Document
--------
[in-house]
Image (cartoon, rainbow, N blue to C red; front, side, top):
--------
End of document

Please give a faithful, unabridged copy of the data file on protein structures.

[in-house]
Image (cartoon, rainbow, N blue to C red; front, side, top):